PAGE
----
Clinton Portis: Christianity divided the locker room under Jim Zorn
Former Washington Redskins running back Clinton Portis has never been afraid to speak his mind. On Monday, Portis appeared on ESPN 980 where a discussion about Jay Gruden’s grip on the locker room soon turned into an interesting revelation about former head coach Jim Zorn’s coaching style.
Portis was brief when he opined that Gruden has not and will not lose the locker room, and he instead expanded on how Zorn lost his team during his first season as head coach in 2008.
“Coach Zorn lost the locker room because he split the locker room between Christians and ballplayers,” Portis said to co-hosts Steve Czaban and Chris Cooley. “So if you didn’t believe in what he believed in, if you weren’t Antwaan Randle El — I’m saying it, I’m going to talk, I’m on the radio — if you weren’t Antwaan Randle El, if you weren’t the guys who sat and prayed with him and did everything the way they thought your life should be, you kind of got, ‘Well, you’re not doing right’ speeches directed toward you.
“I’m grown,” Portis continued. “I can do what I want to do. I don’t have a police record. If I don’t get in no trouble, don’t assume the way that I live my life, don’t preach to me about what’s right. Because you’re not right, you’re phony, you’re sitting here in my face telling me one thing and then you go behind my back and say something else.”
Cooley, who also played under Zorn, added some more context to Portis’ claim.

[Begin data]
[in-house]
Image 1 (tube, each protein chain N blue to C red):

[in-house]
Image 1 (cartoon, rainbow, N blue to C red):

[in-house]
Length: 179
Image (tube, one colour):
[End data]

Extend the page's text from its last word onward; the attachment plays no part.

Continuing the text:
“He’s not wrong, and this is exactly what I was going to say,” Cooley added. “He didn’t do it with intent though. Jim Zorn didn’t come in with intent to say ‘I want Christians.’ But he sold his pitch, his sales pitch was ‘Believe in and have faith in my program.’ And it was basically a sales pitch to a Christian team. It wasn’t ‘We’re going to be smart, we’re going to adapt, we’re going to make sense.
“Literally any time there was anything that came up on offense that was ‘Hmm, this doesn’t make any sense, Jim, why are we doing this?’, it was ‘This was how Bill Walsh did it.’ Much like saying, ‘Go to the Bible and read it.’ It was the West Coast Bible that he sold over and over and over again. Plus, Sherman Smith did come in and give a sermon every single morning. … We’re all hyped about football, Sherman Smith would come in and say this is how we need to live our lives. We’re like, ‘Whoa, I’m fine once I leave this building, bro. I want to talk about football.’ ”
Later in the interview, Portis made sure listeners didn’t misinterpret his original statement — just because he brought in someone to give a sermon every day doesn’t mean that Zorn was a preacher himself.
“But he didn’t force that upon you,” Portis said. “Coach Gibbs gave you the opportunity. ‘Listen, if you want to talk about it, you know I’m doing it the right way, come talk to me.’ ”
However, for those players who preferred a head ball coach who put the football program first, Zorn wasn’t it. Both Portis and Cooley played under a head coach who provided an excellent contrast to Zorn.
“Listen with Coach Gibbs, you were who you were, and that was okay,” Portis said of former Redskins head coach Joe Gibbs. “He just wanted you to come and work hard, that’s what he wanted. As long as you worked hard.”
“I’m fine with praying in moments of turmoil,” Cooley said. “But the way Joe Gibbs sold his team was to football players and guys believing in each other, not believing in a system and a coaching base with it. … [Zorn’s system] was designed around the way a religion is designed: faith.”
Leave it to Portis and Cooley to turn a conversation about Gruden into a discussion about the role of religion in the locker room and the first Jim Zorn name drop in years. Zorn was fired from the Redskins after going 4-12 during the 2009 regular season. It was just his second season as Washington’s head coach.
(h/t Washington Post)